Two hours of comp time — that’s what I’d earned and was supposed to use up before payday. I’d made a middle-of-the-afternoon sips-and-chat date with a girlfriend, but when her schedule locked up and she couldn’t get away, I decided to just take the time as “me” time instead. The past few weeks have been hectic and I haven’t had time to process everything going on, so I grabbed my kleenex, an old journal, and headed to as much of an “alone” space as I could find in the middle of the city. A local park, where I could sit and look at what I’ve decided is my favorite old tree in the city and the nannies pushing their charges on swings while simultaneously talking on cell phones.
That’s what I’ve been struggling with lately.
It took me a while to realize it. I’ve been so busy waking and sleeping, working and playing, exercising and resting, reading and writing and editing and living, that somehow I missed it. And then I got an email from Pedro — a pastor I met and worked with in the mission field in the Dominican Republic. And then, I got some emails from Jim — a pastor/translator I met and worked with in the Democratic Republic of the Congo.
It just seemed odd to me — why would these men, whom I haven’t seen or talked to in years email me now?
God’s answer was quick and it sucked all of the air out of the room: “You symbolize hope to them.”
I answered just as quickly. “But God, how could I?” And I looked around the dark closeness of my bed that night and realized that hope hadn’t been there with me in a while.
It’s not that I’m depressed, desperate, or suicidal. Those are places I’ve been before and am familiar with. I’m not there. And I can’t even say that I’m sad. But something’s missing and I was so busy staying busy that I didn’t realize it until I was faced with it.
I really wasn’t going to talk about this here. I don’t have it all ironed out. The emotions are still raw and the answers aren’t tied up in pretty bows yet. But then Rick (from Planned Peasanthood) got on Facebook and said, “Hey, you’re overdue for a blog post.” So, here it is, Rick. Chaotic, unfinished, unrighteous, and unlovely.
So, what’s the something that’s missing? I’m still working on that, but one look at Twitter gave me one of my answers.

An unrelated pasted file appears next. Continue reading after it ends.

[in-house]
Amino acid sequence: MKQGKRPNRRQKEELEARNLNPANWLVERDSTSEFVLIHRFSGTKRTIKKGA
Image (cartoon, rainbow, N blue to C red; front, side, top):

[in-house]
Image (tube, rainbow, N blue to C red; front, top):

I love Louie Giglio, but his tweet made me furious.
“The Church is the plan.”
The anger rose up inside of me and I almost tweeted him back, even knowing that he’d never respond. I wanted to say, “Yeah, well, what does one do when The Church rejects them?!” But before I could tap it into my Android, my anger quelled enough to recognize that the problem isn’t just that simple. There are loads of churches who would love to have my name on their rolls, my money in their offering plates, and my hips in their nurseries to hold their babies.
Here’s the problem: How do I find a church who wants to be my FAMILY and not just my taskmaster? How do I find a church who wants my hang-ups and screw-ups as much as they want my tithe? How do I find a church who is willing to take my errors, doubts, and questions, as well as my gifts, experiences, and wisdom? THAT is the church I need. But how do I find it?
I think that one of the reasons I lost hope and slid into auto-pilot mode is because I feel like most people won’t understand where I’m at, and so I don’t talk about it. I just push it into a corner. For the first time in my life, the majority of people I interact with, love, and am close to are unchurched. It doesn’t change how much I love them, but it’s hard to imagine that people who don’t want to go to church will understand that my heart is aching because I can’t find a church to go to. Maybe I’m not giving them enough credit for understanding me. Maybe I’m self-protecting because I’m afraid of being misunderstood and rejected. It’s hard to find hope in the midst of fear.
Tonight, there are no easy answers. Just hard questions… And a little flicker of hope.